HOUSTON - Yelp, the business review site, announced it will post alerts on the pages of businesses accused of racism. Some say it could prevent discrimination, others worry the warnings could be misused.
"I've seen an uptick in opportunities, people reaching out, and we have a plethora of opportunities we can pursue. Before the riots and protests, we weren't knocking, we were banging on doors," said Darryl Samuels of D. Samuels & Associates.
Samuels says his construction management company has seen a boost in business since the renewed movement for consumers to support Black-owned businesses.
"That's all we really need right now is people who are willing to help. So knowing you have a friend out there I think is really important," said Carol Guess, Chair of the Greater Houston Black Chamber of Commerce.
Yelp says it has also posted "Public Attention Alerts" on more than 450 businesses accused of, or were the target of, racist behavior.
Now Yelp says it will post a "Business Accused of Racist Behavior Alert," writing in a statement, "We’ll only escalate to a Business Accused of Racist Behavior Alert when there’s resounding evidence of egregious, racist actions from a business owner or employee ... and this alert will always link to a news article from a credible media outlet...."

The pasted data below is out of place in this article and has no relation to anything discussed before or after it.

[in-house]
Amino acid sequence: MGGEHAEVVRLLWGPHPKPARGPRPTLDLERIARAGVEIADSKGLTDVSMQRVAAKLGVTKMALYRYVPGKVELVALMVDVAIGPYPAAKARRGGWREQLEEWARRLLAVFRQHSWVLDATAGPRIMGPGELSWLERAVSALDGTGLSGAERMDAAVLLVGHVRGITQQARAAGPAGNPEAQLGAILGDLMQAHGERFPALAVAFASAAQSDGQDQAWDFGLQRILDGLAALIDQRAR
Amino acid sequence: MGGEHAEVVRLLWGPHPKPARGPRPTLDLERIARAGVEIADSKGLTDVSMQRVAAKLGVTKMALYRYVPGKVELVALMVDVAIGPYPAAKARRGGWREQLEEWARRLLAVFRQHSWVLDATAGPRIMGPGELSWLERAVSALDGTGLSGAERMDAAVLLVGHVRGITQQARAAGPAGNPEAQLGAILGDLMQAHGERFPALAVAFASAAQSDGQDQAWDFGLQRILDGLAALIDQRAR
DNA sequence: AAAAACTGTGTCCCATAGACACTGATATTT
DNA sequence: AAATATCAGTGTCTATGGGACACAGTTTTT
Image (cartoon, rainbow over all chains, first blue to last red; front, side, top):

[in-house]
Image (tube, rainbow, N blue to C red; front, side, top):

But the reaction to the idea is mixed.
"I think it's good in a way because you know who your friends are not. But also I think it needs to be balanced, so any misunderstandings are not interpreted as discrimination or racism," said Guess.
Meanwhile, the Greater Houston Black Chamber says this year's renewed campaigns to support Black businesses are paying off.
"Some of our businesses have seen sales they've never seen because of the interest that came about from Mr. Floyd's passing. However, we need it to continue," said Guess.
Samuels says Black businesses also need to be sure they're marketing to a diverse audience.
"It goes back to if you are marketing and selling to a diverse group, you need to make that effort to have a diverse staff and you need to be able to have people in place that look like the people that you're trying to serve," said Samuels.